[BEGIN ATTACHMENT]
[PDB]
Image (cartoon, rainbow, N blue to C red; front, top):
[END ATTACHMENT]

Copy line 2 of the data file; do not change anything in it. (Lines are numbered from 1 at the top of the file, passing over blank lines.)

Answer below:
Image (cartoon, rainbow, N blue to C red; front, top):